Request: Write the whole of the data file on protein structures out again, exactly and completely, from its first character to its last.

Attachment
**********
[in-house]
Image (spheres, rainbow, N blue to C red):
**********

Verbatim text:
[in-house]
Image (spheres, rainbow, N blue to C red):